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How to Hone Your Knives

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MAC Knife and honing tool

A dull knife is an accident waiting to happen. Maintain your blades with a honing steel and a bit of TLC.

A dull kitchen knife is both inefficient and dangerous, requiring more force to slice and increasing the likelihood that you’ll cut yourself. Regular maintenance will keep the blade sharp, reduce your risk of injury, and make for a more enjoyable cooking experience. 

Sharpening and honing are both necessary to properly maintain a knife. Sharpening shaves the metal to create a finer blade and should be done at least once a year; many grocery and cookware stores offer this service for a nominal fee. Alternatively, purchase a handheld sharpener and follow the manufacturer’s instructions to revive a knife’s edge.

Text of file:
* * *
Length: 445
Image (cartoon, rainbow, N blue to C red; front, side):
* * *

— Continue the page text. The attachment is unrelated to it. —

Honing realigns the blade’s edge for smoother cuts. Use this technique to hone your knives about once a week, depending on how often you use them.

1. Hold the steel vertically on a cutting board. Place the heel of the blade against the top of the steel at a 15-degree angle.

Person honing a knifePhotography by John Mowers

2. Maintain steady pressure and a consistent angle while sliding the blade down the length of the steel. Pull the knife toward your body so the center of the blade makes contact with the steel. Continue moving down so the tip passes over the bottom.

Person honing a knifePhotography by John Mowers

3. Repeat on the other side. Complete eight to 10 strokes (four or five on each side), gradually reducing pressure with each repetition to maintain an even edge.

Person honing a knifePhotography by John Mowers

4. Carefully wipe the blade with a damp paper towel before using.

Person wiping a knifePhotography by John Mowers

Sharp Tips

Do: Wash and dry your knives immediately after use, and purchase covers to protect their edges.

Don’t: Put your knives in the dishwasher or use glass cutting boards, which will dull the blades.

This originally appeared as “Hone Your Knives” in the November 2018 print issue of Experience Life.

is an Experience Life associate editor.

Photography by John Mowers

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